Beirut: As Syria courts investors to rebuild its war-shattered cities, it may find a fresh round of European sanctions standing in its way.

The European Union said earlier this week that it was adding 11 business executives, as well as five entities, to a growing list of Syrians whose material support for President Bashar Al Assad’s war effort has now resulted in travel bans, asset freezes, and an end to business activities in Europe.

The types of penalties may not be new, but the logic is, and European diplomats said this week that they hoped the sanctions would send a chilling effect through a business community that the Syrian government is now relying on to redevelop the country.

The men targeted are magnates.

As investors and developers, their collective business interests span industries ranging from soap operas to sugar and steel. But for the most part, they are linked through their involvement in a new economic frontier with significant implications for Syria’s future: luxury real estate on expropriated land.

Insecurities relating to housing, land and property rights were key among the concerns that spurred Syria’s 2011 uprising.

Eight years on, World Bank estimates suggest that 33 per cent of the country’s housing stock has been destroyed, leaving many refugees without homes to return to.

It also estimates it will cost around $200 billion to rebuild Syria.

“These business figures are making lucrative profits through their ties with the regime and are helping finance the regime in return,” said one European diplomat Tuesday, speaking on condition of anonymity as he was not allowed to speak to the media.

“The hope is that this will send a message to people who might consider getting involved in the future,” added the diplomat.

The sanctions land as Syria declares itself open for business.

State media regularly heralds the arrival of foreign commercial delegations.

Gulf states which once backed Al Assad’s rebel opposition are restoring relations so as not to lose footing to regional rivals Iran and Turkey.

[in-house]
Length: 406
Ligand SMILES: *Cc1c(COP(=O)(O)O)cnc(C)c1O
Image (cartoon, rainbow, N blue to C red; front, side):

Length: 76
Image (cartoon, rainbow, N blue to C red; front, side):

Although Western countries, including the United States, say they will not fund reconstruction without progress on a political settlement, Syrian officials are encouraging the return of European diplomatic missions nonetheless.

Syrian officials are even trying to engineer the return of the European states which cut relations in response to the repression of mass protests in 2011.

Three European diplomats, all speaking on condition of anonymity, said that colleagues traveling regularly between Syria and neighbouring Lebanon had found their visas canceled at the start of the year.

“You [should] come back, war is over,” was how one described the message behind the decision.

Eight individuals and five entities on the new EU sanctions list have links to a flagship project that could form the blueprint for Syria’s ambitions to reconstruct.

Marota City, built upon the razed land of a southwest Damascus suburb known as Basateen Al Razi, comes in at a price tag of $170 million of private investment.

Most prominent is Samer Foz, 45, a businessman whose meteoric rise through Syria’s war years has allowed him to cast himself as an intermediary for foreign investors. Business partners Anas Talas and Mazin Al Tarazi are also named, alongside two men working on a high-end tourist development in Damascus.

Government supporters describe the projects as part of a long term vision to develop areas where urban migration had caused illegal construction to mushroom, and unsafe structures to flourish.

But critics see a different story, describing the redevelopments as a new - and intentional - obstacle to the returns of hundreds of thousands of Syrian refugees.

Areas slated for rezoning, both now and in planned future developments, are almost exclusively those where anti-government protesters turned out in droves.

Residents were displaced in the vicious battles that followed, and many now find themselves without homes to return to.

Senior Syrian officials have suggested that those critical of the government should stay away.

“We lost the best of our youth, infrastructure, but we did win a more healthy and harmonious society,” said Al Assad in an August 2017 speech describing the toll of the war.

The following year, Jamil Hassan, head of Air Force Intelligence, was reported to have told a closed-door meeting that Syria’s government would prefer ten million compliant citizens to the return of all the refugees.

Basateen Al Razi was a lower income area before Syria’s uprising, and a hotbed of resistance after.

It was one of the first to be designated for redevelopment.

YouTube videos now show an artist’s impression of the verdant trees and wide sidewalks that could one day line the new homes.

Old tenants say the units are prohibitively expensive.

“In the next phase of the conflict, recent laws passed by Syrian government are going to have a huge effect,” said Sara Kayyali, a researcher in Human Rights Watch’s Middle East division.

“These laws are being used to formalise the ways in which civilians’ rights have been abused through the war. These sanctions send the message that we are onto them.”